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I spent the long Thanksgiving weekend cocooned in the mountains and returned to news of the WikiLeaks brouhaha and to two stacks of essays. These piles, filled with feedback from fellow Lighthousers, had been awaiting my attention for, um, nearly two months. Cup of tea in hand, I settled onto my chaise to revisit these metaphor-laden drafts and read what my colleagues had to say. In a word, cliché. To be fair to myself and to my careful and generous readers, there was some good stuff in there. But, touchée, I could not deny that a bunch of trite phrases had slipped into my prose, like members of a sleeper cell, ready to wreak havoc on the bits of writing that had been fresh.
With banalities on my brain, I turned on NPR while driving to Sunflower Market to restock my fridge. The host had ditched his customary sober monotone and, his voice crackling with excitement, practically gushed about how the leaked diplomatic cables contained some strong and colorful language. I increased the volume. My ears twitched because, once upon a time, a few thousand miles away, I had a job with secret clearance where I was privy to certain embassy cable traffic. Back then, hard copies arrived to my desk in double interoffice manila envelopes, the kind with a thin red thread that could be looped around two cardboard circles to “secure” the contents. Usually I received them several months after they had been written which, for my purposes, rendered them useless. Nevertheless, to honor protocol, I stored them in a locked metal filing cabinet behind my chair, leaving the key in the desk drawer. As I recall, the embassy dispatches were more likely to induce a deep sleep than a profound insight. Was it possible that the writing of these documents had since improved?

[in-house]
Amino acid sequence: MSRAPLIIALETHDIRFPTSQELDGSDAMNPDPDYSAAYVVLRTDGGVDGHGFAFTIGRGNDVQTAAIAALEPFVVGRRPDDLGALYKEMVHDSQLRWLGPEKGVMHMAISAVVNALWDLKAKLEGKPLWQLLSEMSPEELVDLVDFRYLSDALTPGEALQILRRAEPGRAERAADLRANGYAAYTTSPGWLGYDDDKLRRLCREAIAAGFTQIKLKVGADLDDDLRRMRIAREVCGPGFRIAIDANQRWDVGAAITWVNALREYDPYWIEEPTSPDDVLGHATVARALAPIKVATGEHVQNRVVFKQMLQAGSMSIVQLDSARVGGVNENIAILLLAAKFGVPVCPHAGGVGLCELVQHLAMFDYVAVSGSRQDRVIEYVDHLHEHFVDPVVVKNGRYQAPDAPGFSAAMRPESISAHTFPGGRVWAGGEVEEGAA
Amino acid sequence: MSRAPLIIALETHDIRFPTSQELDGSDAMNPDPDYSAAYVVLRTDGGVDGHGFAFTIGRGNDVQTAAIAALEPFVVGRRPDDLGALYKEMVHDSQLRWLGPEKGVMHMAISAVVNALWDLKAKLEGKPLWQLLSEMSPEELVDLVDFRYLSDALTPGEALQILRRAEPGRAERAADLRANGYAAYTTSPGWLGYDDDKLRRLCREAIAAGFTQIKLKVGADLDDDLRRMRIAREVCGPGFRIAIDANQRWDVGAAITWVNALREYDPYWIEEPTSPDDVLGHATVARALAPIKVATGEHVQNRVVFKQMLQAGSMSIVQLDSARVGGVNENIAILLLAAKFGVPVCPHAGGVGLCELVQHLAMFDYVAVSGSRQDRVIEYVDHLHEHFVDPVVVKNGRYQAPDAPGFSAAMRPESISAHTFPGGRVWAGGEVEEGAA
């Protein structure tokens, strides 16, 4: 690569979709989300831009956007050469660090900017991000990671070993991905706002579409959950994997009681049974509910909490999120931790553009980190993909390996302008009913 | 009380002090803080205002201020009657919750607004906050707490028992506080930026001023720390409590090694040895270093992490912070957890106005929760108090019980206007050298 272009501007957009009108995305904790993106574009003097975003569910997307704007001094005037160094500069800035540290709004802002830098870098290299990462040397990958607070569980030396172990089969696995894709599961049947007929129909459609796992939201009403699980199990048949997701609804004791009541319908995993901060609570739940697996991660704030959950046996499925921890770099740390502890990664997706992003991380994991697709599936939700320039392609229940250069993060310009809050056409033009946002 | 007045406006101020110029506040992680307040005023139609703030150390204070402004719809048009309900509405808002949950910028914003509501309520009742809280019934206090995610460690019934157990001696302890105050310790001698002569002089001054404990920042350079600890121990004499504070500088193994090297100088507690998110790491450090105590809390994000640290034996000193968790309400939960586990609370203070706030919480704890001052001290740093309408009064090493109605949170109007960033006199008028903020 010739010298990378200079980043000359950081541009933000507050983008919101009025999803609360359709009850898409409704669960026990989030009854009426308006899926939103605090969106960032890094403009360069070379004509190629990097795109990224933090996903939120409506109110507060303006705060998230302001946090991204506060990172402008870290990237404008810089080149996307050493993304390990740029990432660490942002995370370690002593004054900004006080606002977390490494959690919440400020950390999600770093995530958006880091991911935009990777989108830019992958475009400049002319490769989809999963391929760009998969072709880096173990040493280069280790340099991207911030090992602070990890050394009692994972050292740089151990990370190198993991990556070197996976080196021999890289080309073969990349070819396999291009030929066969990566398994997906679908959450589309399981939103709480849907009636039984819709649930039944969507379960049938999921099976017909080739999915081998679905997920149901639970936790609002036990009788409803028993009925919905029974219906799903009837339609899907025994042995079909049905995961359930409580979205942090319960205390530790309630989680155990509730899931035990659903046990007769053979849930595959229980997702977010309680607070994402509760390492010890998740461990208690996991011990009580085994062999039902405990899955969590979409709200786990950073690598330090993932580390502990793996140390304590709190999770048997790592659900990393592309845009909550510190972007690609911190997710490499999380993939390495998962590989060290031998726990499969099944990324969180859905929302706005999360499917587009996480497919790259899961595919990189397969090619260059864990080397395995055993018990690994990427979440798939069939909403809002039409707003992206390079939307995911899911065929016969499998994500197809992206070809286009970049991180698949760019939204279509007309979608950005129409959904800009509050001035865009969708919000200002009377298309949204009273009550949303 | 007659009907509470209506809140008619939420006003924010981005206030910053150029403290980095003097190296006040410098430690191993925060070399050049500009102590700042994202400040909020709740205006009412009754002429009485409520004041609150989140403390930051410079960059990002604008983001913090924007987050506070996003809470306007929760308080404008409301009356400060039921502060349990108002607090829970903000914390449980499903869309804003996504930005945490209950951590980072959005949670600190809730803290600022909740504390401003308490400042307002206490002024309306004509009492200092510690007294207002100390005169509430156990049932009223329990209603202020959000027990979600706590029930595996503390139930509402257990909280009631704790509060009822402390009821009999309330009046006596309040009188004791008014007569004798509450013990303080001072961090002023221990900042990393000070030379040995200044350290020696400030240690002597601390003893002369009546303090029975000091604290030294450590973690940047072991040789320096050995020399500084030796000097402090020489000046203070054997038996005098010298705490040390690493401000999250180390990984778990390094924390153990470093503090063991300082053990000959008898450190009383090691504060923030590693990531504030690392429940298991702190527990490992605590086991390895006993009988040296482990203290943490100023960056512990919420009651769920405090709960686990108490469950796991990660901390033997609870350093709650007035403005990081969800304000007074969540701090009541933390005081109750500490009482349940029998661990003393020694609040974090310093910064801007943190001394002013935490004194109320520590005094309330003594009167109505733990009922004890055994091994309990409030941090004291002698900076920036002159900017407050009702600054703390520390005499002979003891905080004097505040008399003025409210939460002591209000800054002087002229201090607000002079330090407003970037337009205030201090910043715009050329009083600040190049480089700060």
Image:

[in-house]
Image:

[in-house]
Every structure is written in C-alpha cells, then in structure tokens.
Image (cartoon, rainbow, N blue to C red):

The NPR host began to read what had been written about the German Chancellor, who is referred to as “Teflon Merkel” in several cables. Yawn. Doesn’t the phrase “Teflon _____” (insert name of politician) date from the Reagan era? I imagined my fellow Lighthousers marking up these cables and returning them to embassies around the world. Show, don’t tell. Include sensory detail. I was about to change the station when the host read an excerpt of a cable, written by former ambassador Christopher Dell, about Zimbabwe’s Robert Mugabe.
“He is fundamentally hampered by several factors: his ego and belief in his own infallibility; his obsessive focus on the past as a justification for everything in the present and future; his deep ignorance on economic issues (coupled with the belief that his 18 doctorates give him the authority to suspend the laws of economics, including supply and demand).”
The last line got my thumbs up as a humorous and succinct character description. As I pulled into the Sunflower’s parking lot, I felt somewhat hopeful about the state of wordy affairs. Perhaps these leaks might encourage the current consular corps to polish their prose; after all, their audience might be larger than they think.
P.S. I also wondered why WikiLeaks founder Julian Assange has not yet outed this blog; after all, it has Top Secret written all over it. You’d think he might be interested.